Computer-based link analysis is a set of techniques for exploring associations among large numbers of objects of different types. These methods have proven crucial in assisting human investigators in comprehending complex webs of evidence and drawing conclusions that are not apparent from any single piece of information. These methods are equally useful for creating variables that can be combined with structured data sources to improve automated decision-making processes. Typically, linkage data is modeled as a graph, with nodes representing entities of interest and links representing relationships or transactions. Links and nodes may have attributes specific to the domain. For example, link attributes might indicate the certainty or strength of a relationship, the dollar value of a transaction, or the probability of an infection.
Some linkage data, such as telephone call detail records, may be simple but voluminous, with uniform node and link types and a great deal of regularity. Other data, such as law enforcement data, may be extremely rich and varied, though sparse, with elements possessing many attributes and confidence values that may change over time.
Various techniques are appropriate for distinct problems. For example, heuristic, localized methods might be appropriate for matching known patterns to a network of financial transactions in a criminal investigation. Efficient global search strategies, on the other hand, might be best for finding centrality or severability in a telephone network.
Link analysis can be broken down into two components—link generation, and utilization of the resulting linkage graph.
Link generation is the process of computing the links, link attributes and node attributes. There are several different ways to define links. The different approaches yield very different linkage graphs. A key aspect in defining a link analysis is deciding which representation to use.
A link may be created between the nodes corresponding to each pair of entities in a transaction. For example, with a call detail record, a link is created between the originating telephone number and the destination telephone number. This is referred to as an explicit link.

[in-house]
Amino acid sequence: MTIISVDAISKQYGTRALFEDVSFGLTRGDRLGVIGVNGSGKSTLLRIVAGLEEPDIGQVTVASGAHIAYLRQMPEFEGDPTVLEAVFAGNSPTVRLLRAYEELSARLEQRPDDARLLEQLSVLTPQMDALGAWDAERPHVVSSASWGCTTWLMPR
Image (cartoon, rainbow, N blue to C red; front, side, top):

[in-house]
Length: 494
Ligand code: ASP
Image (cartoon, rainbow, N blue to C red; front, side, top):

A single link may be created from multiple transactions. For example, a single link could represent all telephone calls between two parties, and a link attribute might be the number of calls represented. Thus, several explicit links may be collapsed into a single aggregate link.
Links may also be created between pairs of nodes based on inferred strengths of relationships between them. These are sometimes referred to as soft links, association links, or co-occurrence links. Classes of algorithms for these computations include association rules, Bayesian belief networks and context vectors. For example, a link may be created between any pair of nodes whose context vectors lie within a certain radius of one another. Typically, one attribute of such a link is the strength of the relationship it represents. Time is a key feature that offers an opportunity to uncover linkages that might be missed by more typical data analysis approaches. For example, suppose a temporal analysis of wire transfer records indicates that a transfer from account A to person X at one bank is temporally proximate to a transfer from account B to person Y at another bank. This yields an inferred link between accounts A and B. If other aspects of the accounts or transactions are also suspicious, they may be flagged for additional scrutiny for possible money laundering activity.